In the comments on my piece on Michael Cannon, Michael has replied here and I’ll reply back on Monday), everyone’s favorite insurance broker Nate asked me to describe a bit more the process of a small group buying health insurance. I’m not quite ready to do that yet, but instead I will point you towards this piece I wrote about buying individual insurance in 2006. It’s called A Tale of Two Underwriters and it explains how screwed up the process is.
If you want more, here’s some nitty gritty on the actual process of dealing with eHealthInsurance.com the largest online broker which—for those of you interested in small group insurance—told me last year is encouraging employers to give their employees a lump sum and kick them into the individual market. And I guess for those healthy employees that’s good news, and if you’re not…..
Of course that attitude has been taken several steps further by big insurers, notably Aetna which basically dumped all its money losing groups in the early part of this decade by ramping up their prices to the level where they had to drop off. That’s story’s been well told including back in 2004 by me but it got retold this week by ex Cigna & Humana flack Wendell Potter who also explained how rescission works and how smaller groups get kicked off the rolls.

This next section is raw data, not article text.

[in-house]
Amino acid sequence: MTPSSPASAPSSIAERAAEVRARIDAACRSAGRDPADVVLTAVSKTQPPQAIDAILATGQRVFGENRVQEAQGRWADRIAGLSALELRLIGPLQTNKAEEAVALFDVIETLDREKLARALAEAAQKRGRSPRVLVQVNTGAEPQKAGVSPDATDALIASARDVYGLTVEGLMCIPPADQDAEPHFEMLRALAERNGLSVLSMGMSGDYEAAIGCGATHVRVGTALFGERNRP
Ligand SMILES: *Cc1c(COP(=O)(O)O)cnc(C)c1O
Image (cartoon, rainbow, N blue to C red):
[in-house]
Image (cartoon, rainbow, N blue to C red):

He also explains how damn hard it is to do an apples to apples comparison between plans, and that’s what I was struggling with last week when I wrote this:
Last night I was busy spending two hours of my and my business partner’s time buying health insurance for our massive 4 person company. That means doing a multi-factorial equation between premiums, co-pays, deductibles, out of pocket maximums, & in & out of network costs. It’s no wonder that no one understands their health insurance, especially when eHealthinsurance.com still doesn’t bother putting half of the important variables on its front page.
None of this is new news but Potter’s testimony last week (PDF) is a quick and entertaining read that pulls many of these threads together. Potter also made some remarks in an interview with Trudy Lieberman about travel costs at insurers. I too once had a conversation with a former insurance exec who moved to a job with potentially less travel involved. I commiserated with him possibly having to give up super frequent flyer status on the airline of his choice. Oh, he said, I haven’t had that in years. I just used one of the corporate jets!
The obvious answer (which Potter has got to now) is that if we are going to have a functioning insurance market we need a defined benefit package with identical co-pays deductibles, et al AND no ability to refuse insurance AND mandatory purchase of insurance (as Charlie Baker points out in his post here yesterday, it doesn’t work if people can opt in and out when they’re sick & healthy) AND a defined & equal total amount (not % of cost) provided by the funding entity (government, employer, consumer) to the consumer so that the consumer can make and apples to apples comparison. Something Enthoven laid out in the NY Times last week, although I don’t see why he’s backed off his 1980s position of putting everyone in the pool the way Zeke Emmanuel/Vic Fuchs want to.
Anyone who says anything different is just covering for the right of unscrupulous insurers to manipulate the market. And there’s lots of them on both sides of that sentence.
Of course, at best we’re instead going to get incremental reform which will not stop the kind of thing Potter’s complaining about.
Why is that? Well in Harpers last month (in a fabulous article about why Obama is the next Herbert Hoover not the next FDR) Kevin Baker writes this: